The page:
Vitamin C And Immune System Pdf

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Nutrition and Immunity pp Cite as. Many factors influence whether an individual will become sick or not.

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See also: Immunity In Brief. The immune system protects the body against infection and disease. It is a complex and integrated system of cells, tissues, and organs that has specialized roles in defending against foreign substances and pathogenic microorganisms, including bacteria , viruses , and fungi. The immune system also functions to guard against the development of cancer.

For these actions, the immune system must recognize foreign invaders, as well as abnormal cells and distinguish them from self 1. However, the immune system is a double-edged sword in that host tissues can be damaged in the process of combating and destroying invading pathogens. A key component of the immediate immune response is inflammation , which can cause damage to host tissues, although the damage is usually not significant 2.

Inflammation is discussed in a separate article ; this article focuses on nutrition and immunity. Cells of the immune system originate in the bone marrow and circulate to peripheral tissues through the blood and lymph. Organs of the immune system include the thymus, spleen, and lymph nodes 3.

T- lymphocytes develop in the thymus, which is located in the chest directly above the heart. The spleen, which is located in the upper abdomen, makes antibodies and removes old and damaged red blood cells 4. The immune system is broadly divided into two major components: innate immunity and adaptive immunity. Innate immunity involves immediate, nonspecific responses to foreign invaders, while adaptive immunity requires more time to develop its complex, specific responses 1.

Innate immunity is the first line of defense against foreign substances and pathogenic microorganisms. It is an immediate, nonspecific defense that does not involve immunologic memory of pathogens.

A lack of immunologic memory means that the same response is mounted regardless of how often a specific antigen is encountered 6. The innate immune system is comprised of various anatomical barriers to infection, including physical barriers e. In addition to anatomical barriers, the innate immune system is comprised of soluble factors and phagocytic cells that form the first line of defense against pathogens. Soluble factors include the complement system , acute-phase proteins , and messenger proteins called cytokines 6.

The complement system, a biochemical network of more than 30 proteins in plasma and on cellular surfaces, is a key component of innate immunity. The complement system elicits responses that kill invading pathogens by direct lysis cell rupture or by promoting phagocytosis. Complement proteins also regulate inflammatory responses, which are part of innate immunity Acute-phase proteins are a class of plasma proteins that are important in inflammation. Cytokines secreted by immune cells in the early stages of inflammation stimulate the synthesis of acute-phase proteins in the liver Cytokines are chemical messengers that have key roles in regulating the immune response; some cytokines directly fight pathogens.

For example, some interferons have antiviral activity 6. These soluble factors are important in recruiting phagocytic cells to local areas of infection. Monocytes , macrophages , and neutrophils are key immune cells that engulf and digest invading microorganisms in the process called phagocytosis. These cells express surface receptors that identify pattern recognition receptors that are unique to pathogenic microorganisms but conserved across several families of pathogens Figure 1 2 , For more information about the innate immune response, see the article on Inflammation.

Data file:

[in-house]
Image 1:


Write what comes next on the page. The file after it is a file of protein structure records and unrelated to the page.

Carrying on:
Adaptive immunity also called acquired immunity , a second line of defense against pathogens , takes several days or weeks to fully develop. However, adaptive immunity is much more complex than innate immunity because it involves antigen -specific responses and immunologic "memory. B cells produce antibodies , which are specialized proteins that recognize and bind to foreign proteins or pathogens in order to neutralize them or mark them for destruction by macrophages.

The response mediated by antibodies is called humoral immunity. In contrast, cell-mediated immunity is carried out by T cells — lymphocytes that develop in the thymus. Different subgroups of T cells have different roles in adaptive immunity. For instance, cytotoxic T cells killer T cells directly attack and kill infected cells, while helper T cells enhance the responses and thus aid in the function of other lymphocytes 5, 6. Regulatory T cells, sometimes called suppressor T cells, suppress immune responses 4.

In addition to its vital role in innate immunity, the complement system modulates adaptive immune responses and is one example of the interplay between the innate and adaptive immune systems 7 , Components of both innate and adaptive immunity interact and work together to protect the body from infection and disease. Nutritional status can modulate the actions of the immune system; therefore, the sciences of nutrition and immunology are tightly linked reviewed in In fact, malnutrition is the most common cause of immunodeficiency in the world 14 , and chronic malnutrition is a major risk factor for global morbidity and mortality More than million people are estimated to be undernourished, most in the developing world 16 , but undernutrition is also a problem in industrialized nations, especially in hospitalized individuals and the elderly Poor overall nutrition can lead to inadequate intake of energy and macronutrients , as well as deficiencies in certain micronutrients that are required for proper immune function.